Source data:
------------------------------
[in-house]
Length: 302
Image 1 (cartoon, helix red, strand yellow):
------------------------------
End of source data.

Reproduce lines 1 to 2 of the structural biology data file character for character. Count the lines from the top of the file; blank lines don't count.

[in-house]
Length: 302